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Colombia: Government response improves but still fails to meet needs of growing IDP population

Colombia: Government response improves but still fails to meet needs of growing IDP population

Colombia’s long-standing internal armed conflict and the human rights abuses perpetrated by combatants and illegal armed groups had by 2010 caused the displacement of 3.4 million people according to the government, and over 4.9 million people according to the reliable non-governmental Observatory on Human Rights and Displacement (CODHES).

According to CODHES, 280,000 people were newly displaced in 2009. The government registered only 120,000 people as internally displaced people (IDPs) during the year. Addressing the problem of under-registration is fundamental to IDP protection, as it has been shown that non-registered IDPs face a more precarious situation.

Direct threats, sexual violence, restrictions on free movement, and forced recruitment continue to threaten the civilian population’s physical security, driving people into displacement. Minority ethnic groups including indigenous people and Afro-Colombians continue to be particularly affected. IDPs have also faced precarious physical security in their areas of displacement: the government reported that in the first six months of 2010, 266 IDPs were killed.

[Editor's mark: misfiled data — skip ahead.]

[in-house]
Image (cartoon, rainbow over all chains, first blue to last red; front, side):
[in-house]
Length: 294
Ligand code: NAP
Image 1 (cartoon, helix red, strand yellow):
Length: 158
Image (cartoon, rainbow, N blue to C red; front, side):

In January 2009, the Constitutional Court ruled that the “unconstitutional state of affairs” engendered by the government’s ineffective response to internal displacement still pertained five years after its first ruling to this effect, and ordered the government to measure and report the impact of its response.

The government found that its response to the plight of IDPs has continued to improve, but significant gaps remain on emergency humanitarian assistance, housing, land rights, and livelihoods opportunities, where IDPs are in a significantly worse position than the rest of the poor population. In general, indigenous, Afro-Colombians, and women IDPs are worse off than the rest of the displaced population. The government reported that the country’s departments had made progress in responding to internal displacement. However, this progress had yet to filter down to local administrations. As of November 2010, the Court was yet to rule on whether the unconstitutional state of affairs still pertained.

A new president took office in August 2010, whose promotion of “national unity” has reportedly created a new opportunity for possible eventual resolution of the conflict. The government of Juan Manuel Santos signaled its recognition of the rights of internally displaced people (IDPs) by introducing a land restitution bill to Congress in September 2010.